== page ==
A few months later President Johnson issued EO 11246 which essentially parroted Kennedy's but differed by including the phrase " ...and to promote the full realization of equal employment opportunity through a positive, continuing program in each department and agency."
The translation of that phrase was soon forthcoming. Kennedy's Committee on Equal Employment Opportunity was abolished and its responsibilities shifted to the Dept. of Labor who, under President Nixon's administration, issued Revised Order No. 4 requiring contractors to develop "...an acceptable affirmative action program," which would include "...an analysis of areas within which the contractor is deficient in the utilization of minority groups and women, and further, goals and timetables to which the contractor's good faith efforts must be directed to correct the deficiencies" Affected employers and federal fund recipients were directed to define "minority groups" as "Negroes, American Indians, Orientals, and Spanish Surnamed Americans." and "underutilization" referred to "having fewer minorities or women in a particular job classification than would reasonably be expected by their availability." "Goals" were not to be "rigid and inflexible quotas" but "targets reasonably attainable by means of applying every good faith effort to make all aspects of the entire affirmative action program work."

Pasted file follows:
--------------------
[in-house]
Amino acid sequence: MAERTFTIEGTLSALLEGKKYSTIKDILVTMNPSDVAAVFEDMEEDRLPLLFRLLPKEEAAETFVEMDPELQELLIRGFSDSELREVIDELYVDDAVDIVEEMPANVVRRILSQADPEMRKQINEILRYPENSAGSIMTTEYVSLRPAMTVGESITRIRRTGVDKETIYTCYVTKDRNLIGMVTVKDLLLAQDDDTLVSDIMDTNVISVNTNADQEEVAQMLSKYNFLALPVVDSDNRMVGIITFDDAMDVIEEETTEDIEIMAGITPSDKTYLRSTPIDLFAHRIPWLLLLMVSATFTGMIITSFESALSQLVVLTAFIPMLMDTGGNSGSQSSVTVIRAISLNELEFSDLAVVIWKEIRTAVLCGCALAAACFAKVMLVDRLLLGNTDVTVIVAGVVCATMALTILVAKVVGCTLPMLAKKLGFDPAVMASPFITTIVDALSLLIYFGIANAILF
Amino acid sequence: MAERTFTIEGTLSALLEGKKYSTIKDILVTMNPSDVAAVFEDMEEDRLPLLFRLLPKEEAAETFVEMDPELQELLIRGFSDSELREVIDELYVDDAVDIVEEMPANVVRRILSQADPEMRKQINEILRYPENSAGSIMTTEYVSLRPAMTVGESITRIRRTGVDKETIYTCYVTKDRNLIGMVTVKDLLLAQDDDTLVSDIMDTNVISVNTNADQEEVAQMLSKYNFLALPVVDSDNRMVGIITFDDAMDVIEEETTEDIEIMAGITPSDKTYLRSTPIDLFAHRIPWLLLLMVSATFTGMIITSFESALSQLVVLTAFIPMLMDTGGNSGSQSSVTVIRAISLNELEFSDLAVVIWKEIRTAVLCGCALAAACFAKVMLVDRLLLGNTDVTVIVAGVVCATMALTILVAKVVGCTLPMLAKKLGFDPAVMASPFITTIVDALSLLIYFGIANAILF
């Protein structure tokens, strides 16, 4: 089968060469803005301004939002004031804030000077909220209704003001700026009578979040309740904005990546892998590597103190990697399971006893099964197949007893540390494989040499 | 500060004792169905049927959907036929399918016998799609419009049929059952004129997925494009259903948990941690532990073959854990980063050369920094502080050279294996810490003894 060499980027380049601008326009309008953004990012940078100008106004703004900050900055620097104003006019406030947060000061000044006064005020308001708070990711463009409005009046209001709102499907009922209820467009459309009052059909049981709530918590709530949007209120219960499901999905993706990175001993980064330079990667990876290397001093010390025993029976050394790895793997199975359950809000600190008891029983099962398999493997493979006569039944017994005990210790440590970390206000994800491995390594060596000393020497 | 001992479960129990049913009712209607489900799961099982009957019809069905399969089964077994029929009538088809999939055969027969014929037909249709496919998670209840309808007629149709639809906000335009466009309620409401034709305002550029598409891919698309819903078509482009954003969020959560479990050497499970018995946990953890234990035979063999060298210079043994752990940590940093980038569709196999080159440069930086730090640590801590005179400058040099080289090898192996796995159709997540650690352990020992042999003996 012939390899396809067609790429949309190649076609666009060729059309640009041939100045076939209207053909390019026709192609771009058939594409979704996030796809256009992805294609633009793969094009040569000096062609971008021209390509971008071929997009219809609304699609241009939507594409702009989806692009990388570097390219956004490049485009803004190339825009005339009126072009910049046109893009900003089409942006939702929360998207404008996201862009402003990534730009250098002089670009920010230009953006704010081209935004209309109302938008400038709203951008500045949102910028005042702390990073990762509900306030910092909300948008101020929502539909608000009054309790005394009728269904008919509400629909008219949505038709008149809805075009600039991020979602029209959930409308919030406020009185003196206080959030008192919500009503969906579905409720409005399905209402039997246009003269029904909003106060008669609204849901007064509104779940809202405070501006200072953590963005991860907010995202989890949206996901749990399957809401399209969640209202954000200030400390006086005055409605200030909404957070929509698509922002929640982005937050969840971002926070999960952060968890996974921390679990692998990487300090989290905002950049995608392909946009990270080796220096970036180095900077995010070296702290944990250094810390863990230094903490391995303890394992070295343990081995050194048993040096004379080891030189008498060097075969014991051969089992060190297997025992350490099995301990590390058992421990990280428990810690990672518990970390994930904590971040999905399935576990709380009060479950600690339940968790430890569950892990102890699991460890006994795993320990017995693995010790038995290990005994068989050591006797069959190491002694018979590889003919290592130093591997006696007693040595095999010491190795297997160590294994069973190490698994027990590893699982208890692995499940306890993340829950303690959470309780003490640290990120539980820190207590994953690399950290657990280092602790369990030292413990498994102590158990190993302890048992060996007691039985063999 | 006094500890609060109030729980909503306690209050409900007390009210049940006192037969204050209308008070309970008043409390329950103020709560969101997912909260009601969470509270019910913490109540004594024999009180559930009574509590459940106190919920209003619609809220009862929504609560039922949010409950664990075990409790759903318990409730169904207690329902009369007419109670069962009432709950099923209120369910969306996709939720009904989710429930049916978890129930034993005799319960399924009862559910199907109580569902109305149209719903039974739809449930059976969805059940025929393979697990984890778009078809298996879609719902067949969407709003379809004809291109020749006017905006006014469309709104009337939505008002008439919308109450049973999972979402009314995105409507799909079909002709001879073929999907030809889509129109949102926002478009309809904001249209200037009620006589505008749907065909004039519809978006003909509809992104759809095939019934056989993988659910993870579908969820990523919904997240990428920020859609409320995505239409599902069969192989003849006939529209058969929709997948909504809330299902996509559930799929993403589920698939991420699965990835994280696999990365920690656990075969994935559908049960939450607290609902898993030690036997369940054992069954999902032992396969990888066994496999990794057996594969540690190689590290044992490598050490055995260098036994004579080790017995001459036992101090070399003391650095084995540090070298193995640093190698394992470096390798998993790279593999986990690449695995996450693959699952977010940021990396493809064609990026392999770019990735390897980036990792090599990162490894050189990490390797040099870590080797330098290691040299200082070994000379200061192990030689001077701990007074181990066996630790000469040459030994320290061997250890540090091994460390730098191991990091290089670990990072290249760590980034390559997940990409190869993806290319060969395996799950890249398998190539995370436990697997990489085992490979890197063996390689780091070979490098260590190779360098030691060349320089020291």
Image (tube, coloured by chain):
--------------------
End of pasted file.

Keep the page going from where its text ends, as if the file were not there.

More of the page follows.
Quota, Goal, or Target
: Semantics aside, it is clear what has happened.
Here we have some sort of bureaucratic species event in regards to evolving morality with the resultant hopeful monster we now know as "Affirmative Action". Four decades later we are still engaged in the hand wringing caused by this moral mutation and the means used to apply "every good faith effort".
So, an original noble cause selected for by a strong moral force deeming such aforementioned personal criteria as irrelevant has morphed into a policy of preferential treatment mandating that same forbidden criteria to be considered.